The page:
# security parameter in lattice cryptography

In paper Lattice Signatures Without Trapdoors(Lyubashevsky2012), $$n$$ is the security parameter, why the authors set $$n$$ as 512 but not 80/100/112 to get 80-bit security/100-bit/112-bit security?

• He mentions in the paper that it's for a security of ~100 bits – Binou Mar 31 at 13:04

The answer of course is due to cryptanalytic estimates. In particular, one estimates how difficult the underlying problem is (for factoring, it's roughly $$\exp(O(\sqrt[3]{n}))$$, and then sets the security parameter such that it takes $$\approx 2^{80}$$ bit operations to break.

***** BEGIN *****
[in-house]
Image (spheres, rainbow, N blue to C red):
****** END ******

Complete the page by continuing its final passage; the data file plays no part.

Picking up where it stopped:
These estimates are of course just estimates, and its an active area of research to try to get better estimates of the concrete security of lattice-based cryptography. But parameters themselves are chosen such that, when state of the art attacks are applied, it takes $$2^{80}$$ (or $$2^{100}$$ or $$2^{112}$$) bit operations to break the scheme.